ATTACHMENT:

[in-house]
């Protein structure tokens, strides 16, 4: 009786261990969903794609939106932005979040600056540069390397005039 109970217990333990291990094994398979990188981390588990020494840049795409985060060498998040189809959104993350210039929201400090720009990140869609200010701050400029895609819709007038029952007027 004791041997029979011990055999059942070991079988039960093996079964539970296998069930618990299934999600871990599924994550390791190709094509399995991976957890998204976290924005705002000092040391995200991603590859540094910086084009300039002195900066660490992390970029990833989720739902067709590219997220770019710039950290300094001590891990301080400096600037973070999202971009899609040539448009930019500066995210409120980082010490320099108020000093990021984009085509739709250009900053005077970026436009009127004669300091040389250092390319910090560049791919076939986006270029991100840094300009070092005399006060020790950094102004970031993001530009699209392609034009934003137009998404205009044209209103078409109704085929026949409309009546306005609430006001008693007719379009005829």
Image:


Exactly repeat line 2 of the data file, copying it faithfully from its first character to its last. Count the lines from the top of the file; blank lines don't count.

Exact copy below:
């Protein structure tokens, strides 16, 4: 009786261990969903794609939106932005979040600056540069390397005039 109970217990333990291990094994398979990188981390588990020494840049795409985060060498998040189809959104993350210039929201400090720009990140869609200010701050400029895609819709007038029952007027 004791041997029979011990055999059942070991079988039960093996079964539970296998069930618990299934999600871990599924994550390791190709094509399995991976957890998204976290924005705002000092040391995200991603590859540094910086084009300039002195900066660490992390970029990833989720739902067709590219997220770019710039950290300094001590891990301080400096600037973070999202971009899609040539448009930019500066995210409120980082010490320099108020000093990021984009085509739709250009900053005077970026436009009127004669300091040389250092390319910090560049791919076939986006270029991100840094300009070092005399006060020790950094102004970031993001530009699209392609034009934003137009998404205009044209209103078409109704085929026949409309009546306005609430006001008693007719379009005829």